Are you often discouraged when you try to root out or grow African violets successfully?
Trial And Error For Successful Propagation Of Houseplants
Through trial and error, after many years of experience with these plants, I have found the following practices successful and offered them to those who may have difficulties propagating these popular house plants.
African violets will root in water, but the shock at transplanting is greater than if rooted in other mediums. Therefore, I prefer to root them in flats of porous mediums.
My favorite mixture is one-third sharp sand, one-third peat moss, and one-third milled sphagnum moss.
Another good combination is equal parts mixed with sharp sand, peat moss, and vermiculite or perlite.
I have also found sponge-rock, a volcanic product, combined with peat moss and milled sphagnum to be very satisfactory.
Milled sphagnum, used alone, is a good rooting medium if you carefully prevent its drying. After that, it becomes an almost air-tight surface.
Starting With Good Roots
Rooted leaves removed from the above mediums have a good root ball, with each hair-like root protected by the medium.
These can be potted in light soil or mixed with vermiculite and earthworm casting. On the other hand, any soil not overly rich that is porous and well-drained is excellent.
The inexperienced grower will run into trouble if plants are put in too large a pot at this growth stage. The tendency is to overwater.
Grace Eyerdoin of Granger Gardens says, “More plants are killed by water than by any other element.”
The roots don’t absorb all the water when plants are in a large pot. The soil becomes wet on the bottom while remaining dry on top.
Eventually, a toxic-nitrogen condition develops, as the nitrogen does not go into the solution, resulting in the plant’s death.
Hence, it is advisable to pot in a two-inch pot and gradually advance one-half inch to one inch each time you repot. And don’t believe African violets like to be left alone. I turn mine out of pots, examine the root system, and repot if needed.
They like attention. If one or two bottom leaves get broken, it doesn’t matter, as I usually remove the bottom row when I repot. And sometimes, I pinch off long bottom roots.
There is No General Rule on How to Water African Violets
Use warm or tepid watering from top to bottom and from bottom to top at regular intervals. This keeps mineral salts moving up and down in the soil and produces a better root spread.
A grower I know in Ohio tops waters constantly, using bottom infrequently watering to balance.
Drops of water on leaves make yellow marks, but only if it is cold water or plants are dried in strong light.
I have followed a program for years to syringe all my plants with a fine warm spray about when the sun goes down and the daylight dims while my house is still warm.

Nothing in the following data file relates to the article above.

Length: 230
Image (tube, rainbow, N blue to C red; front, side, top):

The mist adheres to the leaves in droplets, which keeps foliage clean and shiny and gives the plants extra humidity. Under fluorescent lights, I spray any hour of the day, and they never spot, drying within an hour.
About once a month, I add a little fertilizer to the spray. African violets, especially the young ones, like this foliar feeding. They also respond to a well-balanced root feeding, which a soil analysis can indicate.
Light soil, low in nitrogen, phosphorus, and potash, should be fed every 2 weeks, while richer soil with a medium nitrogen reading, a high phosphorous reading, and a medium potash reading should be fed every month or five weeks.
African violets prefer a nearly neutral — that is, pH 7 soil. It may vary from 6.8 to 7.2. Best results are obtained within that range. With a little reading or research, you can learn how to control the acidity or alkalinity of your particular soil.
Controlling Insects And Diseases
To keep insects and diseases under control, I spray my plants often with a good control spray such as N.N.O.R. Dimite or Optax.
If used carefully, according to directions, plants can be free from marauding insects, such as mites, spiders, thrips, and other pests.
And there is no reason why, if they are all sprayed, African violets can’t live happily in a window with gloxinias, begonias, philodendrons, episcias, or anything else you enjoy growing. One winter, I had chives, parsley, petunias, and African violets on the same shelf.
Growing African Violets In Ideal Exposures
African violets will grow and bloom in North, South, East, or West exposures. However, requirements may vary, and I noticed the white kinds like the less intense light of an East or North window.
The blue, purple, and red kinds get a deeper color in North light, and I think not such a profusion of bloom.
A hot, unshielded South window is not good in late spring, summer, or early fall. I use thin plastic sheeting on any plants close to the window during that period.
African violets appreciate fresh air but don’t like strong drafts.
An average house temperature during the day of 65 to 75° degrees Fahrenheit. Slightly lower at night, when the thermostat is turned down, helps to maintain a healthy appearance.
Keeping The Plant’s Appearance Fresh
Finally, don’t be afraid to handle and move them. Pinch off all the little side shoots, droopy leaves, and dead blooms. They need your attention to keep their appearance crisp and fresh since they do not shed their old leaves like other plants.
Remove them close to the main stem when they appear wilted to encourage the growth of new leaves.
Once you lose interest in a window sill of fine blooming plants, ask yourself what would happen if you took pollen from a red variety and put it on a white kind. Then find out by doing it.
A seed pod is more interesting for water and planting, and growing. What you get will usually surprise you.
44659 by Vera I. Covert